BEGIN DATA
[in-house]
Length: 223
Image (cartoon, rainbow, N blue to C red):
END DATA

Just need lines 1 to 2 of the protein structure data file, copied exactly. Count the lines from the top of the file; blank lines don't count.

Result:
[in-house]
Length: 223